John Wayne, RINO

McLintock (sorry - that should be McLintock!), which just wrapped up on TCM, has always fascinated me.

For one, I find it damn funny even though most of the parts I laugh at aren't the clumsy broad laughs the film is aiming for. John Wayne isn't what I'd call a gifted comedian, but he'll occasionally find some wry humor in a line that you wouldn't expect to be there, or shoot someone a withering look that hits the mark square.

It also completely encapsulates why Wayne is such a conservative icon. McLintock is the archetypical captain of industry. He's built an empire out of little more than a tireless work ethic and incorruptible character. He puts justice and his own personal code of ethics over the law and civilized custom. And he has a deep and abiding love for the good old US of A. He's like an Ayn Rand hero, but with dialogue that actually sounds like it could have been plausibly uttered by a human being.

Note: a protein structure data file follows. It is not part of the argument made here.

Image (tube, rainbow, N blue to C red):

Of course he also lacks the necessary disdain for non-whites, college-educated young 'uns, and the environment to be a perfect modern Republican. But I doubt he'll be relegated to RINO status any time soon. Being a dead saint gets you a pass on those kinds of indiscretions.

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